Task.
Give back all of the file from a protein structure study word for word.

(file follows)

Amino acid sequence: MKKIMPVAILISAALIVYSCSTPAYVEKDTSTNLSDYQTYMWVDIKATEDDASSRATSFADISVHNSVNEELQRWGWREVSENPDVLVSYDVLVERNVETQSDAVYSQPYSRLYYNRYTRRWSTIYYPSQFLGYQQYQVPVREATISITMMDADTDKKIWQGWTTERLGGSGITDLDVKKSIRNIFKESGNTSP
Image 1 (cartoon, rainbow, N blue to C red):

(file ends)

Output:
Amino acid sequence: MKKIMPVAILISAALIVYSCSTPAYVEKDTSTNLSDYQTYMWVDIKATEDDASSRATSFADISVHNSVNEELQRWGWREVSENPDVLVSYDVLVERNVETQSDAVYSQPYSRLYYNRYTRRWSTIYYPSQFLGYQQYQVPVREATISITMMDADTDKKIWQGWTTERLGGSGITDLDVKKSIRNIFKESGNTSP
Image 1 (cartoon, rainbow, N blue to C red):